Lenina Crowne (the name's similarity to Vladimir Lenin is with no doubt intentional) is the major female character in the novel and the only major character who fully agrees with the current system and is correctly conditioned. Lenina is first introduced as a lab worker in the London Hatchery and Conditioning Centre. She is described as the ideal character for the society of the novel – perfect in appearance and behaviour. Lenina’s trust in the system can be somewhat explained by fact that she is of the Beta caste (less intelligent than the Alpha). Lenina has romantic relationships with both Bernard and the Savage, and both are similar in several ways: Lenina sees them as the ideal person in her society – brief relationships that are mainly based on sexual relations and meaningless talk while Bernard and the Savage want deeper and longer relationships that have real meaning. Once Bernard and the Savage realize this they seem far less interested in the relationship.

Helmholtz Watson is Bernard’s friend and a lecturer at the College of Emotional Engineering (working primarily on propaganda). Introduced late in the novel, Helmholtz’s character does not really have enough time to fully develop but he has a great impact on the savage. Helmholtz, like many of the other major characters in the novel, has special views on the society he is in and is seen as an abnormal character who is not accepted by society. Helmholtz, when teaching poetry, introduces his own poem about solitude which later gets him deported to an island.

John, later known as ‘the Savage’, is one of the major characters in the novel – quite possibly the main character – and is the one with the biggest problem about society. John is the son of Linda and the Director. This fact by itself makes John unique because besides the savages in the reserve no people are allowed to have children and be parents. Although John is born in a reserve and is a savage, his parents are not. John is first introduced when Bernard and Lenina visit the savage reservation, and is brought back to London with the two. The Savage falls in love with Lenina, but violently rejects her when she expresses her love as he starts seeing her as a symbol of civilization. From the very beginning, John despites civilization but his feelings reach their maximum strength when his mother dies. At that point John runs away and starts a new life by himself in an abandoned lighthouse. This proves impossible as the civilized people spy on him and see him as entertainment. Struggling to find solitude and purity, John hangs himself.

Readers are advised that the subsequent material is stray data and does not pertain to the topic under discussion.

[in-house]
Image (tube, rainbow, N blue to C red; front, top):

Symbolism

Henry Ford’s ideas and beliefs are what the dystopian society is based on. Ford is the only god that world knows and his name is used in the same way as God. Ford’s crowning as god does not only have a literal meaning but also a symbolic one: Ford symbolizes industrialization and the production line – something that the whole world becomes in the novel.